the dilemma of the front page


The Newseum, that stunning monument to the investment priorities of the leaders of traditional news media, features on its front facade the front pages of newspapers.

The front page of a print newspaper is commonly considered to be important news: “front-page news.”  But news that’s important to you depends on you. Why take seriously what some group of persons whom you haven’t selected and who know nothing specific about you proclaim is important to you?[*]

Knowing what others are reading is important to you.  But many persons get information from the Internet, which has millions of dynamic front pages.  Looking around your social network on Facebook, looking at most read and most emailed article lists on a content site,  and checking search keyword trends and Twitter trends provides much better information about what relevant others are reading than does looking at articles on the front page of a print publication.

Vanity Fair’s recent double-cover issue featured a cover photo of Michael Jackson and a cover photo of Farrah Fawcett.  The text on both covers is exactly the same, but the text layout and font sizes are re-arranged in accordance with the photo featured. Both versions of this issue were side-by-side in the magazine rack at a supermarket where I shop.  So shoppers could choose the magazine with the cover that they preferred.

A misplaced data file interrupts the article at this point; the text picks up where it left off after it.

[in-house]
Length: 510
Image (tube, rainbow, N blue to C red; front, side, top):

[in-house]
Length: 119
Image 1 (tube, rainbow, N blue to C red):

But offered in this way, the front cover loses value.  How important can it be that Michael is on the front cover if you choose him to be there? What’s the public significance of Farrah being on the front page of your magazine if Michael is on the front page of the other gal’s mag?

The space of public engagement is no longer a sphere but a huge, messy garden.

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[*] The front pages of different newspapers are not necessarily independent evaluations of what’s important.  Since the early 1990s, the New York Times and the Washington Post have been exchanging front page previews the night before publication. The Washington Times’ front page appears to be designed to contrast with that of the Washington Post.  Having enlarged front pages of newspapers displayed across the facade of the Newseum is a claim to public importance that contasts sharply with the usefulness of services such as Google News.  The newspaper history represented within the Newseum similarly contrasts sharply with objective newspaper history and historically representative newspaper content.


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